Carlo Scarpa Venice (1906 – Sendai 1978)
Carlo Scarpa grew up in Venice in the company of the artists and intellectuals he encountered at the Biennale and the Accademia di Belle Arti where he obtained his diploma in 1926.
From 1933 to 1947 he acted as artistic consultant to the glass makers Venini of Venice where he designed some of the most original and fascinating glass pieces ever to grace the history of this art.
It was here that his interest in oriental art and the plastic and applied arts began develop as did the special influence on him of the Viennese Secession (Hoffmann, Loos, Wagner) and later the organic architecture of Frank Lloyd Wright.
He first teaching experience at the Venice University of Architecture was in 1926 and he was full professor there from 1964 to 1976 and Chancellor in the years 1972 to 1974. Scarpa’s time at the University contributed to the formation of several generations of architects.
He had a long association with the Venice Biennale that started in 1948 with his project for the Paul Klee retrospective.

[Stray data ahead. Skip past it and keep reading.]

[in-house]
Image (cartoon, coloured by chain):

Scarpa’s work included the settings for many elegant temporary art and museum exhibitions, including for the Gallerie dell’Accademia, the Corer Museum and Querini Stampalia Foundation in Venice, Palazzo Abatellis in Palermo and the Museo di Castelvecchio in Verona.
He made unique use of materials and colour in these works, characterised particularly by his mastery of the use of light.
It was for these projects that Carlo Scarpa obtained his greatest general recognition, including the 1956 Olivetti prize, the Gran Premio for the Frank Lloyd Wright exhibition at the 12th Milan Triennale in 1960 and the IN-ARCH prize in 1962 for the Palazzo Abatellis museum project in Palermo.
Of his architectural works the most memorable include the Antonio Canova ‘gipsoteca’ or plaster cast gallery in Possagno (1955-1957), the Olivetti store in Venice (1957-1958), villa Veritti in Udine (1955-1961), the Ottolenghi house in Bardolino (1974-1978), the offices of the Banca Popolare di Verona (1973- 1978) and the Brion cemetery at San Vito di Altivole (1969-1978).
Carlo Scarpa worked on a great many projects, many of which were never realised but there is a record of these in the drawings numbering over twenty thousand in the Carlo Scarpa archive in Trevignano (Treviso).
From 1972 to 1978 he did some important work alongside Dino Gavina in the field of design (the Valmarana, Doge, Orseolo, Sarpi and Delfi tables; the Toledo bed; the Rialto bookcase and silverware).
Scarpa showed his work in many one-man exhibitions in Italy (Venice 1968, Vicenza 1974) and abroad (New York, the Museum of Modern Art 1966, London and Paris 1974, Madrid 1978).
He was awarded an honorary degree in architecture in 1978.